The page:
Legal opinion answers prayer 

When it comes right down to it, bowling alleys aren’t all that different from churches: both bring people together for regular assemblies (not to mention a smashing good time).

Missoula City Attorney Jim Nugent reached a similar conclusion last month and issued an opinion allowing churches to locate next to businesses such as bowling alleys, funeral homes and restaurants in neighborhoods zoned for light industrial use. Currently, the city’s light industrial zoning doesn’t permit churches, but Missoula Office of Planning and Grants (OPG) staff say they won’t enforce the provision in light of Nugent’s Nov. 27 legal opinion and will permanently change it during the city’s zoning regulation overhaul now underway.

The question was raised recently by South Hills Evangelical Church (SHEC), which moved into a large warehouse formerly owned by Montana Rail Link about four years ago. John Luhmann, SHEC’s associate pastor, says the church relocated to the former industrial building near Southgate Mall because it was cost-effective.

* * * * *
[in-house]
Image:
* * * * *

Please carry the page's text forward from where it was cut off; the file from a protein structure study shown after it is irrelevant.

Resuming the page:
“With the nature of our church and what we do, we need a fairly good-sized facility but we don’t have the money within our congregation to be able to afford a big, fancy building,” says Luhmann.

Since the move, SHEC has undertaken a number of remodeling projects, which brought the zoning quandary to OPG’s attention. When Nugent considered the issue, he found that local zoning districts which exclude churches while sanctioning other gatherings likely run afoul of Montana human rights laws as well as other anti-discrimination provisions in state law, since “it is a basic human right to be free from creed and religious discrimination in public accommodation and assemblage.”

“The City of Missoula has a significant legal problem attempting to prohibit churches in the I-1 industrial zone based on the activity being church service or prayer service related,” he wrote.

SHEC’s Luhmann says he’s glad to see the issue laid to rest: “We’re thankful for it,” he says. “It’s good to see [the city] is being fair and trying to do the right thing.”
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